If Ryan Zeferjahn isn’t KU baseball’s highest draft pick in program history, coach Ritch Price will be “really disappointed in him.”
“I’m going to put a little pressure on him, right there out of the gate,” Price said jokingly at KU baseball’s annual media day on Wednesday.
Zeferjahn, the junior from Topeka who was recently named preseason All-American by Baseball America, highlights a lineup that was last year’s youngest team in the Big 12.
A season later, only three juniors are left for the draft, and the sophomores have become juniors. Price believes Zeferjahn will be among one of up to seven draft selections in June.
“He’s got one of the best arms in college baseball,” Price said of Zeferjahn. “I’m looking for him to go out and have a tremendous season and set himself up for a long career in professional baseball.”
On track to graduate in three years, Zeferjahn is excited for what’s to come.
“You get to play baseball everyday almost all year round,” Zeferjahn said. “It’s a grind, but they love it.”
Hunt for a closer
As redshirt junior Ryan Cyr, freshman Eli Davis and Zeferjahn command the rotation, Price said Wednesday afternoon that the closer role has been the only spot yet to be solidified so far.
Price said that he would take redshirt junior Blake Goldsbery, who missed the last three months of last year’s season, out of his previous midweek starters role and into the back end of games.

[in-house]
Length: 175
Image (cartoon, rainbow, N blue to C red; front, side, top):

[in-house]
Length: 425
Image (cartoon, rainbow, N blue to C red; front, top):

Another candidate from workouts was Jonah Ulane, but Price said that he planned to mix and match.
“I don’t know if you’ll see us use the one set guy like we’ve traditionally done,” Price said. “We might use two or three different guys in that role.”
Cyr, who pitched out of the bullpen last season, got a taste of the starting role during the Jayhawks’ trip to Taiwan last July for the World University Game. Davis, listed as third in the rotation, had a chance to start out of the bullpen for that experience, as well.
Groshans, Messigner highlight loaded core of hitters
From the batter’s box, the Jayhawks will try to maximise Jaxx Groshans’ potential by minimizing his use at the catcher’s position. Groshans is listed as both a catcher and first baseman for the season opener.
“We’re trying to reduce the amount of innings he catches this season, so, hopefully, he can swing the bat up to his potential,” Price said. “That’s his best tool, he’s as good of a hitter as there is in our conference, and I feel like if we can not catch him all three days on a weekend, he’s got a lot better chance at hitting .350 and double-digit home runs.”
Skyler Messinger, Brett Vosik, Conner VanCleave and Rudy Kare highlight one of the Jayhawks’ strongest groups of batters in a while.
“I think we’re going to make a regional for sure. I’m not worried. I don’t have a doubt that we’re not going to make a regional,” Cyr said. “We definitely have the most put-together team that i’ve seen here in a while … we’re not on people's’ radars right now, but we will be in the future.”
The Jayhawks will open their first 11 games on the road during what has been a rough couple months to get a chance to play baseball outside.
Even before the NCAA had pushed the season’s start date back up to the second week of February, Price would usually use the first few weeks to play games against West Coast schools.
“Without question, this is the worst month (of weather) we’ve had to get started with,” Price said. “Other teams are outside, but if you don’t prepare, you’re going to be really far behind when you get started, and you can’t afford to be behind in this conference.”
The Jayhawks will begin their season in Spartanburg, S.C., with USC Upstate at 3 p.m. Friday.